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Publication numberUS3123750 A
Publication typeGrant
Publication dateMar 3, 1964
Filing dateOct 31, 1961
Priority dateOct 31, 1961
Publication numberUS 3123750 A, US 3123750A, US-A-3123750, US3123750 A, US3123750A
InventorsFrederick B. Hoff
Export CitationBiBTeX, EndNote, RefMan
External Links: USPTO, USPTO Assignment, Espacenet
Multiple junction semiconductor device
US 3123750 A
Images(1)
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Description  (OCR text may contain errors)

March 3, 1964 J. HUTSON ETAL MULTIPLE JUNCTION SEMICONDUCTOR DEVICE Filed Oct. 31, 1961 FIG.

FIG. 1.

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United States Patent 3,123,750 MULTIPLE JUNCTION SEMICONDUCTOR DEVICE Jearld L. Hntson and Frederick B. Hoif, In, both of Richardson, Tex., assignors to Hunt Electronics Company, Dallas, Tex., a corporation of Texas Filed Oct. 31, 1961, Ser. No. 148,924 12 Claims. (Cl. 31723S) This invention relates to multiple junction semiconductor devices, and more particularly to semiconductor devices having at least three junctions and two stable modes of operation, namely, the ofi state and the on state and being especially suitable for use in switching circuits.

A main object of the invention is to provide a novel and improved semiconductor device of the symmetrical type especially suitable for use with applications using alternating current.

A further object of the invention is to provide an improved semiconductor device of the symmetrical type having accurately controlled sensitivity, and which is stable at elevated temperature.

A still further object of the invention is to provide an improved semiconductor device of the symmetrical type which has relatively high sensitivity to the rate of rise of the voltage applied thereto.

A still further object of the invention is to provide an improved semiconductor device of the symmetrical type which can be made to reliably switch on with both the positive and the negative halves of an alternating current signal applied thereto.

A still further object of the invention is to provide an improved semiconductor device of the symmetrical type which is so constructed that it can be turned on below the breakdown voltage of its internal reverse biased junction by applying thereto a signal voltage having a time rate of increase sufiicient to cause current to flow so that the alpha of the device exceeds unity.

Further objects and advantages of the invention will become apparent from the following description and claims, and from the accompanying drawings, wherein:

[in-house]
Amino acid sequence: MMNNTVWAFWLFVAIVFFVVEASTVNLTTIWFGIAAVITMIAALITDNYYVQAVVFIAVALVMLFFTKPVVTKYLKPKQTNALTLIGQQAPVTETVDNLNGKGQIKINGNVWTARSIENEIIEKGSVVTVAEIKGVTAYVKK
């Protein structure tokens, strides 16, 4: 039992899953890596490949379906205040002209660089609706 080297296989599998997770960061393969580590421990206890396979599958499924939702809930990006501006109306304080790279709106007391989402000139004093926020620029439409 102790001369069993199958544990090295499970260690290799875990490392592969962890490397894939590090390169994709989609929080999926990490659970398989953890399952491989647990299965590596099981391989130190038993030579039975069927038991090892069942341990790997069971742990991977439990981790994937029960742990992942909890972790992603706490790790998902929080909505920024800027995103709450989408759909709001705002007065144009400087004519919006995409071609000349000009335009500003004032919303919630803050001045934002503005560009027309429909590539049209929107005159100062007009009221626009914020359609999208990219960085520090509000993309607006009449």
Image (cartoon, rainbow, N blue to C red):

FIGURE 1 is a curve showing the voltage-current characteristic of a typical PNPN semiconductor device.

FIGURE 2 is a diagrammatic illustration of a NPNP semiconductor device and its two-transistor analogue.

FIGURE 3 is a diagrammatic illustration showing two three-junction semiconductor devices connected in parallel with opposite polarity.

FIGURE 4 is a curve showing the voltage-current characteristic of the parallel-connected devices of FIGURE 3.

FIGURE 5 is a diagrammatic illustration of a composite structure electrically similar to that of FIGURE 3 mounted on the same semiconducting wafer, of the type known as a shorted base configuration.

FIGURE 6 is a diagrammatic illustration showing an improved configuration of a symmetrical semiconductor device constructed in accordance with the present invention and which has greatly increased sensitivity to the rate of rise of the applied signal than that of FIGURE 5.

FIGURE 7 is a diagrammatic illustration of another form of improved configuration of the present invention wherein the N+ and the P+ emitters on each surface are isolated by a relatively high resistivity path.

FIGURE 8 is a diagrammatic illustration showing a typical symmetrical semiconductor device of the type which is provided with gate leads for firing same.

A semiconductor PNPN device is a unit having three junctions and two stable modes of operation, one being the ofi state and the'other being the on state, and having the voltage current characteristic illustrated in FIG- URE 1. Thus, in FIGURE 1, the avalanche or breakdown condition is illustrated by the dotted line 11, the off state being the portion of the characteristic to the left of 'of the zero point.

3,123,750 Patented Mar. 3, 1964 the breakdown portion 11 and the on state being represented by the portion of the characteristic to the right of the breakdown portion 11.

FIGURE 2 illustrates the PNPN unit, shown at 12, and its two-transistor analogue, represented by the transistors 13 and 14 connected in the manner illustrated. The device 12 switches from the off to the on state when its alpha, or current gain, exceeds unity. The well known method of firing or switching the device is to increase the voltage applied thereacross until the junction 2 thereof breaks down or avalanches. In the avalanche condition the current increases rapidly, therefore increasing the alpha until it exceeds unity, and the device then turns on. The dotted line 11 in the characteristic of FIGURE 1 illustrates this event.